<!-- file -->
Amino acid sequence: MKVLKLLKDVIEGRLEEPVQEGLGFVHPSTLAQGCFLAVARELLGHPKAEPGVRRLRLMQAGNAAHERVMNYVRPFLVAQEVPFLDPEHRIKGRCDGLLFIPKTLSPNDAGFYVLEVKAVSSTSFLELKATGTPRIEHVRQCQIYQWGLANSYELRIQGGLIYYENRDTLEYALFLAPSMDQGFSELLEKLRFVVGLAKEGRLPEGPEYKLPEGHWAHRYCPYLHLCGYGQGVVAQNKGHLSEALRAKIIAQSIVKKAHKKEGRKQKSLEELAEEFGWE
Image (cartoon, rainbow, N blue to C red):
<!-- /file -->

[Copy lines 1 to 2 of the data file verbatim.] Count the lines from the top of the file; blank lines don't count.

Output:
Amino acid sequence: MKVLKLLKDVIEGRLEEPVQEGLGFVHPSTLAQGCFLAVARELLGHPKAEPGVRRLRLMQAGNAAHERVMNYVRPFLVAQEVPFLDPEHRIKGRCDGLLFIPKTLSPNDAGFYVLEVKAVSSTSFLELKATGTPRIEHVRQCQIYQWGLANSYELRIQGGLIYYENRDTLEYALFLAPSMDQGFSELLEKLRFVVGLAKEGRLPEGPEYKLPEGHWAHRYCPYLHLCGYGQGVVAQNKGHLSEALRAKIIAQSIVKKAHKKEGRKQKSLEELAEEFGWE
Image (cartoon, rainbow, N blue to C red):